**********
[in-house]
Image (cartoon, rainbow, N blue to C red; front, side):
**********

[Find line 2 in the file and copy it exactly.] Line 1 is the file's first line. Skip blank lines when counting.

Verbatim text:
Image (cartoon, rainbow, N blue to C red; front, side):